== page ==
Getting top billing were two ambassadors from CornellNYC: Dean Dan Huttenlocher and entrepreneurial officer Greg Pass, Twitter’s former CTO.

IRL, the pair are kind of an odd couple. The towering Dean Huttenlocher, clad in professorial business casual (read: a roomy, tucked-in button-down) took the mic like a natural and began holding forth. Mr. Pass stood back, arms crossed in the untucked startup uniform.

“Definitely have to shorten that bio,” admitted Dean Huttenlocher as he took the mic, before launching into his spiel: “The Bloomberg administration, I think set the tone here for trying to push tech forward in New York City in all kinds of ways,” he said. Read More

Teach Me How to Startup

Mo’ Money for Rap Genius: Impish Ivy Leaguers Raise Millions for Internet Decoder Ring

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Visitors who search for Harlem rapper Azealia Banks’ breakout hit, “212,” on Rap Genius, an online platform that crowd-sources explanations of hip-hop lyrics, will find nearly every verse annotated by the site’s users, who clocked more than 2 million monthly uniques in August, according to comScore. Click on the line “Now she wanna lick my plum in the evening / And fit that ton-tongue d-deep in,” and a pop-up immediately appears explaining that Ms. Banks is employing a metaphor for cunnilingus and that “She stutters the words tongue and deep to mimic the stuttering that occurs when one receives such a gift.” That exegesis received 11 upvotes, earning the contributor jamima-j, a female “slam poetry writer,” a healthy bump in “Rap IQ” points on the site.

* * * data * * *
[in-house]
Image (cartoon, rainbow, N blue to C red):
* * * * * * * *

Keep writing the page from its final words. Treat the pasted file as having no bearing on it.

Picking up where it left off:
Readers might find her analysis either amusing or unnecessary. But the reigning kings of Sand Hill Road, venture capital firm Andreessen Horowitz, view Rap Genius as “one of the most important things we’ve ever funded,” co-founder Ben Horowitz told Betabeat last week. The prominent V.C. firm, which clawed its way into the Silicon Valley firmament in just three years by aggressively plowing millions into fast-growth tech start-ups like Facebook, Pinterest, foursquare and Airbnb, often at towering valuations, were the sole investors behind the site’s $15 million Series A. Read More

Teach Me How to Startup

Got Questions? Thanks to YEC’s #StartupLab, You Can Ask an Entrepreneur

Note the whiteboard. (Photo: YEC)

It’s awfully hard to learn entrepreneurship out of a book, or even out of Hacker News comment threads. Sometimes, you just need to pin down someone who’s been there for an answer. But not every newbie has access to a high-powered mentor. That’s where the Young Entrepreneur Council wants to help, with its #StartupLab initiative.